Taiikugaku kenkyu (Japan Journal of Physical Education, Health and Sport Sciences)
Online ISSN : 1881-7718
Print ISSN : 0484-6710
ISSN-L : 0484-6710

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Effects of acute boxing-style exercise on affect and mood states in young and middle-aged adults
Hideaki KumaharaJunichi NishidaYoko SakaiMayumi KanehiraKeiichiro KanehiraMunehiro ShindoHiroaki Tanaka
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JOURNAL FREE ACCESS Advance online publication

Article ID: 14008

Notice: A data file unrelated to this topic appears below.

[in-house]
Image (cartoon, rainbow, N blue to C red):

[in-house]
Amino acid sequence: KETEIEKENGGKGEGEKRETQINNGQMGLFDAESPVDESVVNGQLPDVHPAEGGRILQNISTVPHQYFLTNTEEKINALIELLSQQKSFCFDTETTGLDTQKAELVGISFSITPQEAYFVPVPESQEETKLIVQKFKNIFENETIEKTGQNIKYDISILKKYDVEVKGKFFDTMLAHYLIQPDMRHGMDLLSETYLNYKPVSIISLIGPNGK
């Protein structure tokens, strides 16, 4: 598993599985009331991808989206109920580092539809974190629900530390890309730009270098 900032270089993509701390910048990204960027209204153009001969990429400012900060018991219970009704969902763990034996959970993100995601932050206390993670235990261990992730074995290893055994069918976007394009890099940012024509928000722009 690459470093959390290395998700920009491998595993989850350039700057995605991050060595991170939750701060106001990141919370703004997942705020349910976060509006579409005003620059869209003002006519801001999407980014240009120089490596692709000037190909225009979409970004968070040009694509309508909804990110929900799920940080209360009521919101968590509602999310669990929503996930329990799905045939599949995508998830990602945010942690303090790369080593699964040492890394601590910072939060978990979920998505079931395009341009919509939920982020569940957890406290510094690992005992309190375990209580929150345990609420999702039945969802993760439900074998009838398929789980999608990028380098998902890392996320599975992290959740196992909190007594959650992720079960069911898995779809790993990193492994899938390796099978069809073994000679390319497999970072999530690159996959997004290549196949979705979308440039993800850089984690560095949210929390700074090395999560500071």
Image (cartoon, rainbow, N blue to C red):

The purpose of this study was to investigate the effects of acute exercise mimicking boxing on affect and mood states. In a randomized crossover design, sixteen adults (35.8±6.6 yrs) underwent both a boxing exercise program based on shadow boxing (Boxing) as well as a boxing program combined with a focus mitts workout (pad work) (Boxing+Mitts). The Waseda Affect Scale of Exercise and Durable Activity (WASEDA) and the Profile of Mood States-Brief Form (POMS-Brief) were administered before and after both exercise programs. There were no gender differences in any psychological scales before and after the programs as well as in heart rate during exercise. The Boxing+Mitts program tended to show a lower exercise intensity, defined as the percentage of the average heat rate reserve (HRR), than the Boxing program (40.4±13.3 vs. 50.4±17.5%HRR, p<0.10). However, both programs were considered to give a moderate level of exercise intensity on average, which is regarded as the minimum intensity required to improve individual cardiorespiratory fitness. The Boxing program significantly improved all three scales of negative affect, positive engagement and tranquility assessed by the WASEDA. Moreover, the POMS-Brief showed an iceberg profile after the program, which was followed by significant decreases in the scores of tension-anxiety, depression-dejection, anger-hostility and confusion, and a significant increase in the vigor score. In addition, a composite score of total mood disturbance calculated by summing the subscale scores changed in a positive direction. The Boxing+Mitts program was shown to lead to similar changes in the WASEDA and POMS-Brief. However, no significant program×time interactions (by two-way ANOVA) were observed in any of the scales. These results indicate that acute boxing-style exercise programs would improve negative psychological variables and enhance both feelings of pleasant activation, as well as relaxation. A further study is warranted to explore whether any long-term (chronic) effects on mental health exist, and to compare these programs with other modes of exercise.

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